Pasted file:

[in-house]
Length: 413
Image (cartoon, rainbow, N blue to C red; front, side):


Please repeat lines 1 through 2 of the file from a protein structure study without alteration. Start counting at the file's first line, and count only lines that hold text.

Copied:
[in-house]
Length: 413